The 2008 presidential election is shaping up to be one of the most crucial in recent American history. For the first time since 1928, Americans will be choosing from a field of candidates in which neither party has an incumbent president or vice president vying for the presidency.
And because this field of hopefuls is so bountiful (and continues to grow), voters will be sifting through candidates by scrutinizing where and why they stand on the major issue of today.
Topics such as the war in Iraq, healthcare and immigration are among the top issues candidates are shaping their platforms around to garner the most votes come November of next year. So what exactly are these campaign promises? And for that matter, who exactly are the candidates making such claims?
The most notable name vying for the Democratic nomination is Sen. Hillary Rodham Clinton, D-NY. She is a self-proclaimed United Methodist, married to former president Bill Clinton and has been serving in the US Senate since 2001 representing the state of New York.
Clinton has vowed to unitize healthcare and to pull US troops from Iraq if elected to the presidency-after voting for it in 2003-but has yet to propose clear outlines of how she will accomplish either.
According to an April Gallup Poll, she has a 45 percent favorable rating with the American public, a rating that has been on a slow decline for the past two months.
Clinton has been quoted saying, “Every nation has to either be with us, or against us. Those who harbor terrorists, or who finance them, are going to pay a price.”
Out in front for the GOP is the former mayor of New York City Rudy Giuliani, who is also currently tied with Clinton in favorability, according to the latest Gallup Poll.
Giuliani achieved national fame after the September 11 attacks, earning him the nickname “America’s Mayor” for his presence at ground zero, and he continues to increase his favorability ratings as the ’08 election nears.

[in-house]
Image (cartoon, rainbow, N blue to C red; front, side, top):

Giuliani is a devout Roman Catholic, supports same sex marriage rights and is in favor of limiting a woman’s right to choose concerning partial birth abortion. Giuliani also supports President George W. Bush’s decision to push forward in Iraq saying, “The idea of leaving Iraq, I think, is a terrible mistake.”
One of the most popular candidates for the presidency is Sen. Barack Obama, D-IL.
Obama’s famous “The Audacity of Hope” keynote address that he delivered at the 2004 Democratic National Convention skyrocketed him to national celebrity status even before he had officially thrown his name into the race. He openly denounces the war in Iraq, calling for a full US troop withdrawal by the end of 2008 and has also vowed to make healthcare available and affordable to all Americans if elected, but has yet to propose a clear-cut strategy of how he plans to implement such policies.
Obama supports a woman right to choose, saying, “No one is pro-abortion.” His favorability rating as of April 30 is 52 percent.
Another popular Republican candidate is Sen. John McCain, R-AZ. He is an open supporter of President Bush’s “surge” strategy for Iraq, saying, “Only the most deluded of us could doubt the necessity of this war.”
McCain has been a lifelong Republican but has earned the nickname “Maverick” for his controversial stances on certain issues. He supports American intervention to end the genocide in Darfur, supports gay rights issues, is an advocate for a guest worker program for illegal immigrants and lobbies for stricter limits on political campaign funds. His favorability rating as of April 30 is 41 percent.
Poltical pundits stress that it is important for voters to note the presidential candidates of the 2008 election are in the process of fine-tuning their platforms.
With “election day” more than a year away, voters can expect many campaign promises from candidates to be revamped as November draws nearer.